Category Archives: Theology

Theological musings

mmmm Welsh leeks

Came across a really clever idea – a leak detector for IE. It’s amazing how some of these simplist ideas (both to come up with and to implament) are some of the best. Havn’t used IE in many years but still its very cool and should be straightforward to do in moz/konq or whatever other c++ browser people use. Really ought to get back onto this ‘AJAX’ programming circuit – was fascinated by it about 5 years ago but things have moved on rather a lot since then.

Last night was really cool – saw Sam, Lydia, Serena and Emma for a few minutes because they were doing some mad jazz revision thing/party. Then went to the Barn where there was an Irish evening. Never realized the Irish had such weird phrases – out of the four that they said, the only two that I could vaguely understand were “top o’th’man’n tu ya” and “wh’z th’craic?”. Had a good look at Acts 3:11-23 with Yumi, Rena and Felix.

Spent this morning trying to learn to remember historical facts so as to write essays for my Church History exam next week, and also been revising some of the Matthew’s gospel paper… I find that very difficult as well. For some reason all the gospels seem to blur into one in my head – it wasn’t really meant to be like that, otherwise the early church would have accepted one of the “condensed” versions (there were several floating around by about 200ad).

Found an article about removing Bible’s from hospitals for fear that they would a) offend people of other faiths and b) spread the superbug. I think the second option has been disproved and as for the first one – how does just having the offer of being able to read a Bible offend someone? As far as I understand, hospitals stock all sorts of different “holy books” so if you’re a Muslim in hospital it’s no difficulty to ask for a copy of the Qur’an. I’m sure that if Muslims wanted to start up a Gideons type organisation to put copies of the Qur’an by every hospital bed, people really wouldn’t have a problem with it. (However, Muslims might well have a problem with it because they have a much higher respect for the physical copy of the Qur’an than Christians do with the Bible; for example it’s considered very bad to put the Qur’an on the floor). It really is Political Correctness gone mad.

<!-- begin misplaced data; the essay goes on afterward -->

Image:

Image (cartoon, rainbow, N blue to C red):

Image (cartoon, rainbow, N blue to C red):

Lazy days

It’s been another lazy day of revision and boredom (although the two usually go togeather). Read quite a lot of a thematic commentary on Matthew’s gospel by J. D. Kingsbury and also listened to one of the Hulsian lectures which N. T. Wright gave last year, the title of which was “Paul and Justification”. The talk I listened to was about Paul’s political scene and whether he was a political thinker. At some points, NTW seems to be reading too much into the text but I think on the broad picture he’s right that there are some resonances in the text which would have reminded people that “Jesus is Lord and so Caesar isn’t”. Not too sure on his political reading of Romans but I do agree that the Romans 13 section about obeying the governing authorities is actually bringing the rulers down a peg in terms of there is a higher king than them.

Found the following two pictures quite funny (click for bigger pictures):
funny/2source.jpg funny/church_stand_up.jpg

Hissop

I went to Christian Union tonight for the first time this term. We looked at Psalm 51 which is one of my favourite Psalms and very clear about forgiveness and how we should live as the people of God. It’s amazing how you notice something new every time you come to the Bible, and this time I noticed that David talks about being cleansed to be whiter than white by Hissop. Hissop was a type of tree in Israel and it’s quite important throughout the Bible as a sign of forgiveness – in the Passover (Exodus 12) the Israelites are instructed to put the blood of the lamb on their door posts using a branch of Hissop so that the Angel of Death might pass over their houses. In John 19:29 as Jesus is dying on the cross, someone gets a sponge of wine-vinegar and offers it to him on a Hissop stick. It’s also used throughout Leviticus 14 law about temple sacrifices, specifically to do with the blood of the animal which has been killed.

It’s really amazing to see how these really random themes just permeate all through the Bible – there’s really no chance to my mind that they could have been invented by the human authors of the Bible.